The scientific periodical Chiropractic & Manual Therapies published an open access article in their November 21,2019, journal that reviewed scientific evidence of the benefits of chiropractic maintenance care and the reasons that patients receive this care. The authors of the study explain chiropractic maintenance care by stating, “Maintenance Care is a well-known concept in the chiropractic profession, describing continued care beyond that of reducing symptoms.”
The study reports that generally chiropractors describe two scenarios that are both referred to as maintenance care. “Some chiropractors appear to have recommended Maintenance Care as a form of precaution to keep the patient healthy, regardless of symptoms and patient history. Others though, seem to have used it to ‘keep patients going’, when they had chronic or recurring problems.” The first of the two descriptions is also known as “wellness care” in many chiropractic offices.
This study noted that in the past, there was a lack of consensus or clear research evidence on the concept of chiropractic maintenance care. To help do more research on the subject and possibly add more clarity, the Nordic Maintenance Care Program was started. This research program explored maintenance care among chiropractors in Denmark, Sweden, Finland, and Norway.
The study authors performed a search for all studies on chiropractic with the terms chiropractic or manual therapy and maintenance care or prevention included. However, the term wellness was specifically excluded. The study identified 14 articles that were published between 2008 and 2018 on the subject of maintenance chiropractic, including four from Canada, the U.S. and Egypt.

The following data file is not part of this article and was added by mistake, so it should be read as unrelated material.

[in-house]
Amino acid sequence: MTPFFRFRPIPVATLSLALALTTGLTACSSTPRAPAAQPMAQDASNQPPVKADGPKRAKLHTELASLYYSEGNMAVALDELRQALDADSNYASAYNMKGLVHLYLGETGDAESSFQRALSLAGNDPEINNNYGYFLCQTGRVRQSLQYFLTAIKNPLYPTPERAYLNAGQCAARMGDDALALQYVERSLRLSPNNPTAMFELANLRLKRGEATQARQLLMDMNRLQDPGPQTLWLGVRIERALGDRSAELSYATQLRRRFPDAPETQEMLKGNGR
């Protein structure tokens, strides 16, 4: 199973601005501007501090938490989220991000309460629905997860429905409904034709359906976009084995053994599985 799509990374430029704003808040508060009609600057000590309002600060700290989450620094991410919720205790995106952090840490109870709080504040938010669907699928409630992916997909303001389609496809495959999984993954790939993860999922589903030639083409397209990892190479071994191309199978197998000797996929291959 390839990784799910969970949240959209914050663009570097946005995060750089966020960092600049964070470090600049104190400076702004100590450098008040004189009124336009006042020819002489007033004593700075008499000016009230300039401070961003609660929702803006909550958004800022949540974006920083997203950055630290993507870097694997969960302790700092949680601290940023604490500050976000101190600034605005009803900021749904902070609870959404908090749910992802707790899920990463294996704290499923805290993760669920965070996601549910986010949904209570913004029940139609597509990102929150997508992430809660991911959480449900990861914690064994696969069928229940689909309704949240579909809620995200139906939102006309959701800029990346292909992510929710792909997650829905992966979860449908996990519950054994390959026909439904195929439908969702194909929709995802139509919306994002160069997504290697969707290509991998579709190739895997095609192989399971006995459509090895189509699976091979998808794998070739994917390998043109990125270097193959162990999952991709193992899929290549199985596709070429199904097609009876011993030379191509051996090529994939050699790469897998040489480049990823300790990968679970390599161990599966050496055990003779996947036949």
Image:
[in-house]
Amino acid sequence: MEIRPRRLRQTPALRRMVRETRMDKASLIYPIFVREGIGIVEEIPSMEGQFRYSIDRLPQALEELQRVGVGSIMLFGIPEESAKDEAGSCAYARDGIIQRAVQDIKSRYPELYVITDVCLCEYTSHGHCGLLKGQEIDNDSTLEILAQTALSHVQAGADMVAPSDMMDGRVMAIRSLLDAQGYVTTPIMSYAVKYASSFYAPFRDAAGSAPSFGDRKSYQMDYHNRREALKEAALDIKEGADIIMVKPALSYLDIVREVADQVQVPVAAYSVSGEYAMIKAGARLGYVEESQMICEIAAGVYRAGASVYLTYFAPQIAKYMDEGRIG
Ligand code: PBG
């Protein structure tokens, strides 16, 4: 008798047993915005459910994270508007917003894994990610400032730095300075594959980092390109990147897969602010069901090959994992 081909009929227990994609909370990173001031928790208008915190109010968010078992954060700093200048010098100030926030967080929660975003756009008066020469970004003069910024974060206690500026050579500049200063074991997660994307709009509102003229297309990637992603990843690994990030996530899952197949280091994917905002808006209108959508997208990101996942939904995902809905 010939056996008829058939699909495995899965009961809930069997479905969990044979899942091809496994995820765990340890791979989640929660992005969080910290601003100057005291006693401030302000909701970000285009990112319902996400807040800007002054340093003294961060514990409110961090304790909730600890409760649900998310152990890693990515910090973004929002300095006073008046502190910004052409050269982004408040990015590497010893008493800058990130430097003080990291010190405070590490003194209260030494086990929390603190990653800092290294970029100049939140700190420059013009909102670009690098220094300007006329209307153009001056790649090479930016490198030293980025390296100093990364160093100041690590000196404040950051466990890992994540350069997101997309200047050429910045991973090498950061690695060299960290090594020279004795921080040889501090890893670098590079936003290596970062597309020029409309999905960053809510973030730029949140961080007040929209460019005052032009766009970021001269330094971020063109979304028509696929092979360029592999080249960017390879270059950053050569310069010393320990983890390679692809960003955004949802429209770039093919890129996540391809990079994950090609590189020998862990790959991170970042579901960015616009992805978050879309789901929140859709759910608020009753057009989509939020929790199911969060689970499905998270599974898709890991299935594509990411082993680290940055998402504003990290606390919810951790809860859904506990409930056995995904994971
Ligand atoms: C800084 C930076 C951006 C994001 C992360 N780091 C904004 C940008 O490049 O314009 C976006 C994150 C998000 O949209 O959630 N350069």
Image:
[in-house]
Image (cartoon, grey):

One of the studies looked at the patient’s rationale for receiving chiropractic maintenance care. In this study, it was reported that “…patients stated that the purpose was to prevent recurrences (78%) and to remain pain-free (68%). A few patients (17%) echoed the holistic view expressed by some chiropractors, i.e. that maintenance care was used to prevent disease in general, a wellness approach.”
Another study included in this paper showed that maintenance chiropractic was more prevalent in the practices of experienced chiropractors and those who were graduates of chiropractic schools in the United States. In the Nordic countries, it was reported that about 30% of chiropractic patients are receiving maintenance care.
In their conclusion, the authors wrote, “Knowledge of chiropractic Maintenance Care has advanced. There is reasonable consensus among chiropractors on what Maintenance Care is, how it should be used, and its indications. Presently, Maintenance Care can be considered an evidence-based method to perform secondary or tertiary prevention in patients with previous episodes of low back pain, who report a good outcome from the initial treatments.” They go on to state, “Back pain is a chronic disease for most, with episodes at short or long intervals. A preventive approach such as Maintenance Care, therefore, makes sense.”